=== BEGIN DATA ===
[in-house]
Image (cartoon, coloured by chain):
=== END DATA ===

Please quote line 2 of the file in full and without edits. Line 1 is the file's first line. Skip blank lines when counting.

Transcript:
Image (cartoon, coloured by chain):